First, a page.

The problem with learning any language is finding a practical use to try your knowledge on, making your own code work is where the real learning occurs (in my opinion), so you will need to set yourself achievable goals. Project Euler has a whole bunch of maths puzzles which are suitable for solving using code. (I'd be interested in other ideas for practical learning problems/goals if anyone wants to share )
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August 2nd, 2016, 08:54 AM   #5
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I've been exposed to Basic, COBOL, Fortran and a couple others (YEARS ago!);
as far as I'm concerned, everybody should start with Basic:
quite easy, thus removing most "newcomer jitters"...

Btw, also suffered through Machine language...forgot everything!!
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August 2nd, 2016, 09:03 AM   #6
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Quote:
Originally Posted by Denis View Post
I've been exposed to Basic, COBOL, Fortran and a couple others (YEARS ago!);
as far as I'm concerned, everybody should start with Basic:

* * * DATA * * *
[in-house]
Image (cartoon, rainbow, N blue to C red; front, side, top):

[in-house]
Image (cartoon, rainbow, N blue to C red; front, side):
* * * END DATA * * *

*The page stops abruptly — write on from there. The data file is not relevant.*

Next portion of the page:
quite easy, thus removing most "newcomer jitters"...

Btw, also suffered through Machine language...forgot everything!!
Denis, things aren't the same any more. C++ is usually the beginner language these days.
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August 2nd, 2016, 10:35 AM   #7
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Denis, things aren't the same any more. C++ is usually the beginner language these days.
...big MISTAKE.
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August 2nd, 2016, 04:29 PM   #8
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Quote:
Originally Posted by Denis View Post
Btw, also suffered through Machine language...forgot everything!!
Funnily enough, i had to learn some assembly last year for a unit i was taking xD.

However, due to IoT, apparently assembly is rising back up (higher ranked than basic!).